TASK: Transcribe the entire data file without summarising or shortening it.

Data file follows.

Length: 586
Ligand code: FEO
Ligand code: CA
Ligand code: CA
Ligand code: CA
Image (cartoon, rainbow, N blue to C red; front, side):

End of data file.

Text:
Length: 586
Ligand code: FEO
Ligand code: CA
Ligand code: CA
Ligand code: CA
Image (cartoon, rainbow, N blue to C red; front, side):